Tales of the Safety Patrol
Every morning I drive past the corner of Pine Street and wave to my sixth-grade daughter Marie. She's a Safety Patrol. I'm proud to see her there, wearing her badge of authority and a yellow web belt that goes around her waist and crosses her chest in a neat diagonal.
My own days as a Safety Patrol were grim. I was paired with Seth Baxter whose sense of humor made him someone whom the other kids would cross the street to avoid. Because my duties prevented this, I was the object of his delighted attention.
He was endlessly blabbering – reciting TV commercials, talking with a British accent, telling me I'd been "born in a test-tube marked 'failure'," etc. I could've ignored him if he weren't always mixing in pesty physical stuff, like stepping on my feet, grabbing my textbooks, and trying to poke my eyes with various two-finger combinations.
One of his stunts was to remove the batteries from my bike's light and horn, and roll them into the busy street. He was not an imposing physical specimen, but he was powerful enough to grab me around the middle and hold me back until my costly batteries had been squashed flat. Buying new batteries only encouraged him to do it again.
No one would trade partners with me. My only way out would be to quit, but that would cost me the coveted Safety Patrol certificate with a gold foil seal that I longed to receive at the year-end awards assembly. So I went the distance.
Marie's main complaint about her post is its lack of clientele. "Only four kids go by every day. Heather (a seventh-grader) won't let us cross her, Tommy (a second-grader) is always with his mom, and that just leaves Sally and Jennifer and they don't listen."
With little activity, Marie and her seventh-grade partner Randy give undue attention to the main features of that street-corner: a big tree, a squirrel and Marie's bike.
I've met Randy and he seems like a nice kid. Marie has no brothers and doesn't know much about boys – which causes her to mistake Randy's total normality for eccentricity. She offers these conversations as proof:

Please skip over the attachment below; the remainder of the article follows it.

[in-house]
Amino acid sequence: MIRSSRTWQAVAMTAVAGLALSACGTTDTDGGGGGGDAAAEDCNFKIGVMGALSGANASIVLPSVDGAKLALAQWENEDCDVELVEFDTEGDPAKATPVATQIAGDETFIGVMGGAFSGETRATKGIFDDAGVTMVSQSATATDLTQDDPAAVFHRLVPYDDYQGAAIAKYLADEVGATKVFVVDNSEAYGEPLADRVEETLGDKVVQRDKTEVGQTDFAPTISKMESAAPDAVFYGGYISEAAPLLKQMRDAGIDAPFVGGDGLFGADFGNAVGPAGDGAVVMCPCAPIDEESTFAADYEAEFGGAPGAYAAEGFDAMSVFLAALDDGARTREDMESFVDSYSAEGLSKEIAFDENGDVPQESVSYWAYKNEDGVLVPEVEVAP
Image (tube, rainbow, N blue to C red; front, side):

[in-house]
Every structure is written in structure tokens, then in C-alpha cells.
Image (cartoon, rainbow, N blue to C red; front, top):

One morning: "If I had a bow and arrow, I could shoot that squirrel," Randy said, eyeing the creature in a calculating way.
"I wish I could pet it," said Marie.
"Just try! It'd bite your fingers right down to the bone!"
Another morning: "I could climb that tree," Randy told her.
"Randy, the lowest branches are five feet above your head," Marie said.
"Well, I could," he said. "But it'd pull on my stitches and rip the flesh." Marie had already heard every detail of Randy's leg injury and the suturing procedure, and had been shown the stitches twice and had turned down three offers to see them again.
One afternoon: "Your kick-stand is no good," said Randy, leaning on Marie's bike. "Look how it sinks right into the ground. Your bike'll fall right over."
"Randy, you're pushing it into the ground," she said. On other days Randy, apparently fascinated by anything wheeled, had also found the bike's brakes inadequate, and its lock and chain no deterrent at all to any thief with bolt-cutters.
I have a feeling that my responsible firstborn might be wasting her time. Checking my knowledge of the basic principles of law enforcement against Marie's situation, I had already established that: a) Marie has no powers of arrest; b) she doesn't get to carry a gun (although Randy has suggested that if they had whips, he and Marie could make Sally and Jennifer obey); and c) if criminals killed her partner, Marie would feel no obligation to hunt them to the ends of the earth.
"Why do they even have you there?" I asked her.
"They just need someone on Pine Street," she said.
Maybe the forces of law and order think it's wise to patrol the hinterlands so no one gets any bad ideas.
"We're not just there to cross people," Marie said. "If someone is doing something bad, like throwing rocks, we're supposed to tell them to stop it or we'll report them." But the troublemakers neither pass that way nor feel like making a special trip to lonesome Pine Street to test the mettle of Marie and Randy.
Maybe Marie is being groomed for a busier corner someday. And what of Randy, a seasoned veteran of more than one year on the force? Did he do something terrible last year to get himself busted down to rookie-level and banished to Pine Street. I'd give a quarter for a peek into his personnel file.
It makes for an odd situation, yoking together two kids with nothing in common and giving them nothing to do for two long 20-minute shifts per day. If nothing else, it's educational. Although Marie never gives Randy a higher appraisal than "kind of OK," the desolation of their outpost could draw them together the way it did with Sgt. Preston of the Mounties and his dog, Yukon King.
But in the meantime, don't bother asking Marie who she'd rather be marooned with on a desert island.
Because she'd say, "The squirrel."